Through the grace of God, Marietta was able to forgive the man who murdered her daughter. Her husband was not holding on to his anger, and he died young. The sick murderer committed suicide in prison. Marietta visited his mother, embraced her, and said: “We have both lost a child.”
Another panel speaker was Deacon Richard Lopez, a former death row chaplain who spoke about administering to the incarcerated. In time, he notices a positive change among those convicted to die. The inmates had developed “God-centered relationships.”
The root causes of crime include unsafe housing, unemployment, lack of education, and lack of mental health services. Rather than treating a symptom, we need to focus on those root causes for this problem. As a society, we must seek to restore a sense of civility and responsibility to everyday life, and promote crime prevention and genuine rehabilitation.
St. Maria Goretti, only twelve when she was attacked and stabbed with a dagger, forgave the young man on her deathbed. More recently, the Robert Kennedy family forgave Sirhan Sirhan for the assassination of the U.S. Senator. While Pope, St. John Paul II went to the prison and forgave the man who nearly killed him. Yes, only by forgiving are we forgiven.- An SJV Parishioner.
Just as he has done on multiple occasions, Pope Francis made it a point to address the topic of criminal justice during his first visit to the United States. Coming as a “messenger of God’s love for a broken world and as a beacon of hope, mercy, and justice,” he leads the way by example, washing the feet of adult and juvenile prisoners. To further follow his example, let us refer to the USCCB’s position on restorative justice, sentencing reform, and countering recidivism.
The Catholic Mobilizing Network to End the Use of the Death also presents us with very compelling arguments on why we, as Catholics, need to promote and uphold the respect for the dignity of every human being even in the most difficult of circumstances. In their publication, “What Every Catholic Should Know About the Death Penalty”, they provide us with the facts and statistics as to who is affected by capital punishment, its cost ($118.5 million per year over and above the costs of keeping convicts locked up for life), how “just” the Justice System really is, and what we can do to change things. In addition, they also enlighten us as to what Scripture and Catholic Teaching have to say about the death penalty. Finally, just like the account about forgiveness from a victim’s family in our parishioner’s reflection, this article provides us also with some sobering and lasting words from another victim’s family:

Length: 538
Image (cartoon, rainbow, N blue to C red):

“By the time Shannon’s murderer was captured four years later, we had learned that pursuing the death penalty would not be the way we would want to honor our daughter’s life, nor would that decision have helped us deal with the painful reminders of her unfulfilled hopes and dreams… Facing the reality of her death made us realize that the sacredness of life was not an abstract concept. Ultimately we concluded that if we couldn’t stand by our principles when it was excruciatingly difficult, then they were not our principles at all. We took a stand to oppose the use of capital punishment for our daughter’s murder.”